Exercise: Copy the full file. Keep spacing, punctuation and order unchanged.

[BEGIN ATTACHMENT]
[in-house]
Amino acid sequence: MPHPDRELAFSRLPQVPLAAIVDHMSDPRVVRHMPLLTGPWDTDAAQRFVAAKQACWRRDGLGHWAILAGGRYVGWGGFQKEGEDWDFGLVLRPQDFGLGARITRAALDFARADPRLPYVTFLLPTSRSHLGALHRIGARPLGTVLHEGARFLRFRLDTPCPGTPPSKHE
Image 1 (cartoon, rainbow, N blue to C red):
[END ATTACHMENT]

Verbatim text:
[in-house]
Amino acid sequence: MPHPDRELAFSRLPQVPLAAIVDHMSDPRVVRHMPLLTGPWDTDAAQRFVAAKQACWRRDGLGHWAILAGGRYVGWGGFQKEGEDWDFGLVLRPQDFGLGARITRAALDFARADPRLPYVTFLLPTSRSHLGALHRIGARPLGTVLHEGARFLRFRLDTPCPGTPPSKHE
Image 1 (cartoon, rainbow, N blue to C red):